1991 Rugby World Cup
The 1991 Rugby World Cup was the second edition of the Rugby World Cup, and was jointly hosted by England, Scotland, Wales, Ireland and France: at the time, the five European countries who participated in the Five Nations Championship. This was the first Rugby World Cup to be staged in the northern hemisphere, with England the hosts of the final. Also for the first time, qualifying competitions were introduced as the number of entrants had increased from 16 nations four years before to a total of 33 countries. The eight quarter-finalists from 1987 qualified automatically with the remaining eight spots contested through qualifiers by 25 countries. This resulted in only one new side qualifying for the tournament, Western Samoa replacing Tonga. The same 16-team pool/knock-out format was used with just minor changes to the points system. South Africa was again not included because of sanctions imposed on the country by the IRB, due to the government's apartheid policies.
|Host nations|| England|
|Dates||3 October – 2 November (31 days)|
|No. of nations||16 (33 qualifying)|
|Third place||New Zealand|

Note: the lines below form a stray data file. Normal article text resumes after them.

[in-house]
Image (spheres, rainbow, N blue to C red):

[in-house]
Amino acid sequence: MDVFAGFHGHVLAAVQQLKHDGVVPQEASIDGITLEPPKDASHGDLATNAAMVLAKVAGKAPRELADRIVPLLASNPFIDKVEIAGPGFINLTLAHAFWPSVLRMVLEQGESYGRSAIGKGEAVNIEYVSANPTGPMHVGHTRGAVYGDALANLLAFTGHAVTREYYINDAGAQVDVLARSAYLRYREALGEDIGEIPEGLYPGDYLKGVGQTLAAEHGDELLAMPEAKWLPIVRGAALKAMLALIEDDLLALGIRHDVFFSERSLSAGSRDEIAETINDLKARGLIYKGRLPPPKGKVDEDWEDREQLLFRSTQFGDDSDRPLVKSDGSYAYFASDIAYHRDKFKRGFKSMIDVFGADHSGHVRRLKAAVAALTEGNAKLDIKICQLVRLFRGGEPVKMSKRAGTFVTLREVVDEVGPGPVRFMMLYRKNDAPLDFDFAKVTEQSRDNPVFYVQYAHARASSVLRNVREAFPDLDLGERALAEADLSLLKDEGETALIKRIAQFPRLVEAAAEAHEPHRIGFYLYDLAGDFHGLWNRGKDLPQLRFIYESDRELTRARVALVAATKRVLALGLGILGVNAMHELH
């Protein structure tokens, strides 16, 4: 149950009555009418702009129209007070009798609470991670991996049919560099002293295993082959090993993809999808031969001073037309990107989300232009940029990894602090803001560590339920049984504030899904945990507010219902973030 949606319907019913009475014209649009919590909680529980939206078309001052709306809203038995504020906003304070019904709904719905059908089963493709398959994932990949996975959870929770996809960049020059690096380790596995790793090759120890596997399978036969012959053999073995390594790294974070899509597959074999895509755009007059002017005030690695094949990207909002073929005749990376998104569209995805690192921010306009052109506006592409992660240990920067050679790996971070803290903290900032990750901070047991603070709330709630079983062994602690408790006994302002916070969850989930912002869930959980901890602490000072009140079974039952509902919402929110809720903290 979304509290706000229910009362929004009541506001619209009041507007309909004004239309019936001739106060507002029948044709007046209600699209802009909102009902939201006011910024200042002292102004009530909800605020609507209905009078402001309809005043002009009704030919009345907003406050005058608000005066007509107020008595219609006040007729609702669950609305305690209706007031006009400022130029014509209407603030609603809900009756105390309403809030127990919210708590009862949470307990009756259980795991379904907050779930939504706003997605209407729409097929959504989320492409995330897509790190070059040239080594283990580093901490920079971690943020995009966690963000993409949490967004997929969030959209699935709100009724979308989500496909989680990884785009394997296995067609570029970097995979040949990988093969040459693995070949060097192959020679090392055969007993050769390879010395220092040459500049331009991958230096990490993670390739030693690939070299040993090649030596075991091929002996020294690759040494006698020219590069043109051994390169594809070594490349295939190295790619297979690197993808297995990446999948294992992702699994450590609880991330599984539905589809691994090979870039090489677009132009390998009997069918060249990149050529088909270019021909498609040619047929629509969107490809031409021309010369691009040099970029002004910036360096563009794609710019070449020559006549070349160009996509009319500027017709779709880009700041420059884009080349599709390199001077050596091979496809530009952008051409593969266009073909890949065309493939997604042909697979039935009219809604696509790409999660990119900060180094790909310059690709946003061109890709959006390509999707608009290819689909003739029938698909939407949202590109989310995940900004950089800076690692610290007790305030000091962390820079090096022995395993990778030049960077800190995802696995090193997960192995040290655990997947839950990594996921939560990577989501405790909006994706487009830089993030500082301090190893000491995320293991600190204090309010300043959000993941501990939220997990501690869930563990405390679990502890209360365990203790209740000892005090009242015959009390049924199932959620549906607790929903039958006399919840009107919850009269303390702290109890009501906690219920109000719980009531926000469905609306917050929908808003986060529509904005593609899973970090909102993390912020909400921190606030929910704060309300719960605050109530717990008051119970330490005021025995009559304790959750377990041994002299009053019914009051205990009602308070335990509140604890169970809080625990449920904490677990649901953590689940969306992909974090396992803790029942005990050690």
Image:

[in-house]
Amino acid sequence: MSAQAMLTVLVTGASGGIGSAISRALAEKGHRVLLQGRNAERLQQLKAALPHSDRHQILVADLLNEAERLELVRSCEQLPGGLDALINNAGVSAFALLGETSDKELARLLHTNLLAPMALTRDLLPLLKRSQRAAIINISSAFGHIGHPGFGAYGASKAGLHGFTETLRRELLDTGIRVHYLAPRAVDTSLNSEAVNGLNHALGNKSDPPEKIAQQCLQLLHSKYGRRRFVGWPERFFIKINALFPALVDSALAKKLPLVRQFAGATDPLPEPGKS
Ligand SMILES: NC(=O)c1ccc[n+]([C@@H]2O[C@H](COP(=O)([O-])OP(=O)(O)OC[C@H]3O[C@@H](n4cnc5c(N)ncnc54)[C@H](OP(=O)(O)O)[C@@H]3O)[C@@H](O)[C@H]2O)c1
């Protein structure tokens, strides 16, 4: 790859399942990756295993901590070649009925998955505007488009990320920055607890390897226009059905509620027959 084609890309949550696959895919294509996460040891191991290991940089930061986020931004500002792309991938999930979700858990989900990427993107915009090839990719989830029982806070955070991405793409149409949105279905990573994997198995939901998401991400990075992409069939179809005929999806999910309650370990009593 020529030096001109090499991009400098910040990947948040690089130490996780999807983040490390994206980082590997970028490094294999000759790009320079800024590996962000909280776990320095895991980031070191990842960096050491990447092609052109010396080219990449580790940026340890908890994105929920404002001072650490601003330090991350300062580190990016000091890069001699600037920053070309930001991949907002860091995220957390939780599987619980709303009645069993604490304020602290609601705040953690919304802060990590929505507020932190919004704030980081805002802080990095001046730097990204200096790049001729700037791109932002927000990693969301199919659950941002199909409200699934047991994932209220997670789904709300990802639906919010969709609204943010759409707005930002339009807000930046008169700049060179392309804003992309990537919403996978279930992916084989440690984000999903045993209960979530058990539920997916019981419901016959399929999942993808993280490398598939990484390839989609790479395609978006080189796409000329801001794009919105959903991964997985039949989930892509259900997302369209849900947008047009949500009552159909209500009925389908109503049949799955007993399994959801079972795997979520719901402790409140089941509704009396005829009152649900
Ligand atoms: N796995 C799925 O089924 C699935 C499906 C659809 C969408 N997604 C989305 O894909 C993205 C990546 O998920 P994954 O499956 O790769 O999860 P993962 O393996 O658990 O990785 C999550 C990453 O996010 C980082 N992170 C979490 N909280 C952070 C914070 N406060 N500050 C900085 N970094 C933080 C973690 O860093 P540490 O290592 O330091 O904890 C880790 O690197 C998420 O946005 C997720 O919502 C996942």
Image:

|Attendance||1,021,827 (31,932 per match)|
|Top scorer(s)||Ralph Keyes (68)|
|Most tries|| Jean-Baptiste Lafond|
(6 tries each)
The pool stages produced a major shock when Western Samoa, who were making their debut in the tournament, defeated 1987 semi-finalist Wales 16–13 in Cardiff. Along with the other results in the group, this led to the elimination of Wales, who finished third in Pool 3. Also notable in pool play was that Canada finished second in their pool to qualify for the quarter-finals, which remains their best performance in the World Cup. Fiji, as quarter-finalists four years earlier, had expected to occupy that position, but after the upset loss to Canada and a hammering by France, they lost even their final match against the unfancied Romanian team. Earlier, the opening match had pitted the holders New Zealand against the hosts England: New Zealand overturned a narrow half-time deficit to win the match and the pool, both teams qualifying for the quarter-finals with easy victories in their other matches. Scotland beat Ireland to top their pool, again both teams qualifying.
In the quarter-finals, neither Canada nor Western Samoa proved a match for New Zealand or Scotland, respectively. Meanwhile, England knocked out 1987 finalist France in a bruising encounter. Australia pipped Ireland 19–18 in a thrilling match at Lansdowne Road, with a last-gasp try from fly-half Michael Lynagh coming after the Irish took an unexpected 18–15 lead. The semi-finals produced two tight matches: England overcame Scotland 9–6, a late drop goal deciding a tryless match in a torrential downpour at Murrayfield Stadium, and Australia defeated the defending champions New Zealand 16–6 at Lansdowne Road.